After receiving his doctorate in 1927, Oppenheimer accepted professorships at the University of California, Berkeley, and the California Institute of Technology. He became good friends with Ernest Lawrence at Berkeley. Lawrence, played by Josh Hartnett in Nolan’s movie, was a leading experimental physicist, and the inventor of the cyclotron, a type of particle accelerator which repeatedly propels a beam of charged particles, or protons, in a circular path.
Oppenheimer taught physics both at Pasadena and Berkeley.
He also conducted research on the energy processes of subatomic particles, including electrons, positions and cosmic rays. The scientist also studied neutron stars and black holes.
It was a time when not much was known about mass being equivalent to energy and matter having both wave-like and corpuscular properties. Max Planck presented his quantum theory to the German Physical Society in 1900, and just a few years after that, Oppenheimer started exploring quantum physics, a field he was able to devote his time to because of his university post.
He inspired a large number of physicists in the United States with his leadership qualities and intellectual independence.
Oppenheimer’s role in the Manhattan Project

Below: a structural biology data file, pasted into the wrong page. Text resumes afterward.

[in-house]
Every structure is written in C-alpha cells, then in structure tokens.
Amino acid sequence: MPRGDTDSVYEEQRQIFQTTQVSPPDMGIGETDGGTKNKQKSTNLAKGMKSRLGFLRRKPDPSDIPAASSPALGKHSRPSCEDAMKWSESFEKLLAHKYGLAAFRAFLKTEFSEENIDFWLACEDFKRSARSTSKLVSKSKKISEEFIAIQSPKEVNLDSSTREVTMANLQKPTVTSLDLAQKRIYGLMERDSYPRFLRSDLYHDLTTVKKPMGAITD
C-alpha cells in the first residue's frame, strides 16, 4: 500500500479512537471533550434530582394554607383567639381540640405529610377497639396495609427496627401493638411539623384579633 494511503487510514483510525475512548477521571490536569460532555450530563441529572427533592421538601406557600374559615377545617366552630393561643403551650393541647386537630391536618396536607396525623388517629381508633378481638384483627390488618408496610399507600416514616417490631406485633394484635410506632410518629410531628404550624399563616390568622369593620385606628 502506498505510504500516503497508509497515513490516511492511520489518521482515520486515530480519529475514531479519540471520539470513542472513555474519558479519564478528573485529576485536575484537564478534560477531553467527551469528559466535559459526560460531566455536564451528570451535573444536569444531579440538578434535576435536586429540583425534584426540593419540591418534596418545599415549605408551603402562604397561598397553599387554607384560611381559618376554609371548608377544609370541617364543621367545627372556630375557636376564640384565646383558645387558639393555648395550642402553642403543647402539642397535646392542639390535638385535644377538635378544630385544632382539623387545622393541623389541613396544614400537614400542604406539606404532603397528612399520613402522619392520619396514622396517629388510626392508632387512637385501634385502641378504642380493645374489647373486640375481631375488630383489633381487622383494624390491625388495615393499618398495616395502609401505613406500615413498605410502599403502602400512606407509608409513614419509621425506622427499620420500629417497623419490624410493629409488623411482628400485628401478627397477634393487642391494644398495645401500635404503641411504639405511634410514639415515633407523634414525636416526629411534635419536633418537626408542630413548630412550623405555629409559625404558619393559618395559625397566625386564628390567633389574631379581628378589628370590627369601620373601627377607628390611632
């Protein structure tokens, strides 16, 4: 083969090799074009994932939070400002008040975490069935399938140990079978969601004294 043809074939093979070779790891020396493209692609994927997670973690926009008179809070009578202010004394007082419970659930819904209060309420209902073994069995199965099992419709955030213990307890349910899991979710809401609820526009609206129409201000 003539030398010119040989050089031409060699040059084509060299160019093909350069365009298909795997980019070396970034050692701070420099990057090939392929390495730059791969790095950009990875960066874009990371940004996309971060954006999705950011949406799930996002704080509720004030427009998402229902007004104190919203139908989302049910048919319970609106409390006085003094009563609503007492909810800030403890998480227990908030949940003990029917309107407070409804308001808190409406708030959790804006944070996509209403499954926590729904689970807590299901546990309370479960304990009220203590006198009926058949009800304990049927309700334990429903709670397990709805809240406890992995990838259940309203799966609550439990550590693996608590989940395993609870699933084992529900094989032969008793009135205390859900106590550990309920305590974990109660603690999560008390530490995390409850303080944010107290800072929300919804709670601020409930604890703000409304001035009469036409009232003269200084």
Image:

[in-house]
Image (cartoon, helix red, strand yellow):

Oppenheimer became interested in politics at the time of the rise of Adolf Hitler in Germany. While he became acquainted with communist students in 1936, during the Civil War in Spain, he subsequently withdrew his associations with the Communist Party due to the agony caused by Joseph Stalin to Russian scientists, according to Britannica.
Fission was a newly recognised process, and in order to make the most of it, American scientists, many of whom were refugees from fascist regimes in Europe, took steps in 1939 to organise a project.
In 1939, Nazi Germany invaded Poland, following which GB Pegram of Columbia University arranged a conference between Enrico Fermi and the Navy Department in March that year. After this, in the summer of 1939, physicists Albert Einstein, Leo Szilard, and Eugene Wigner warned the then President Franklin D Roosevelt of the jeopardy entire humanity would be subject to if the Nazis were the first to make a nuclear bomb. They urged Roosevelt to establish a programme to study the potential military use of fission, and find ways to perform an uncontrolled fission chain reaction. In Nolan’s Oppenheimer, Danny Deferrari portrays the role of Fermi, Tom Conti plays Einstein, and Máté Haumann appears as Szilard.